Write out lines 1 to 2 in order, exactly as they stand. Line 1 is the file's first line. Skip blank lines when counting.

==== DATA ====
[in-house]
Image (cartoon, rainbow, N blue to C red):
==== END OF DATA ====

[in-house]
Image (cartoon, rainbow, N blue to C red):